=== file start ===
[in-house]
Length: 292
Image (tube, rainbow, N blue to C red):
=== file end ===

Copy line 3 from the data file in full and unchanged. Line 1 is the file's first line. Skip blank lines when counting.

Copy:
Image (tube, rainbow, N blue to C red):